“The flawed implementation of the recent changes has meant that many hundreds of children are being denied a Jewish education,” United Jewish Education Board president Yossi Goldfarb said.

A spokeswoman for Mr Dixon said the minister had met with the United Jewish Education Board and other groups.

“The minister expressed concern that schools may not be delivering special religious instruction as required under the legislation and the ministerial direction,” she said.

“The minister has asked the department to get an explanation from schools that no longer offer special religious instruction or have experienced a significant decrease in student enrolment since the ministerial direction came into effect.”

The new education department policy stated prayer groups, youth groups, clubs, information sessions or workshops “would constitute promotion of specific religions in schools outside Special Religious Instruction and are not permitted”.

Mr Dixon has ordered his department to revise this to better reflect his ministerial direction.

The amended guidelines will make it clear that student-led prayer can continue at schools and no group working with schools will be discriminated against because it is a religious organisation.

Australian Christian Lobby Victorian director Dan Flynn said he welcomed the announcement the education department had ”over reached” and the ban on student-led prayer groups and exchange of religious texts would be withdrawn.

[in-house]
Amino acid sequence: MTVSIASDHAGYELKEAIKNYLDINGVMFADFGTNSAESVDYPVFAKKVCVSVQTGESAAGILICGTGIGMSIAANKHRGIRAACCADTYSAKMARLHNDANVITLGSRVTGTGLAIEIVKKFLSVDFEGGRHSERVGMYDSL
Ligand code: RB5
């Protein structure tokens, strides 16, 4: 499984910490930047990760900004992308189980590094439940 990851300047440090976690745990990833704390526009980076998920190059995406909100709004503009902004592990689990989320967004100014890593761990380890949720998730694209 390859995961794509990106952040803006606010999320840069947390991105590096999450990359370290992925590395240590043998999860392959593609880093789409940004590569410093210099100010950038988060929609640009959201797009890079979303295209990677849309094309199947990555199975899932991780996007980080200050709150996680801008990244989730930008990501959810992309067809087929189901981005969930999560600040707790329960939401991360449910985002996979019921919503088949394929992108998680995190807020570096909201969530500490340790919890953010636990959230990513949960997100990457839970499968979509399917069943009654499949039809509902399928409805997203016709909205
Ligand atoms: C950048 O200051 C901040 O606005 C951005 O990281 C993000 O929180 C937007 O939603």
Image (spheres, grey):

Andi Lentin, whose two children go to Caulfield South Primary, was disappointed when the school  stopped offering Jewish special religious instruction this term.

”We keep a very traditional Jewish home and our children learn Hebrew,” she said. ”We elected to go to a government school because we wanted them to be part of the community. One of the benefits of Jewish SRI is that they have met other kids they didn’t know were Jewish at school.”

Ms Lentin said many parents had not received the forms asking parents to opt-in to special religious instruction at the end of second term – she discovered her own child’s form crumpled at the bottom of a school bag.

“Our greatest disappointment is the process the school went through – it seems like the principal made this decision without any consultation.”

But principal Gayle Yardley said the school went to great lengths to ensure parents understood the new policy and had adequate time to return the consent form, including reminders in two consecutive newsletters.

Ms Yardley said only 200 out of the 470 students had consent to participate in either Jewish or Christian special religious instruction, which meant the school was unable to ensure all students were supervised.

“I advised parents that the decision to not offer Jewish and Christian SRI in the second half-year was based solely on low student participation. I also advised them that the program would be re-offered again in 2015.”

The state government is understood to be working with the United Jewish Education Board, Christian provider Access Ministries and other special religious instruction providers to work through any ”unintended consequences” of the new policy on a case by case basis.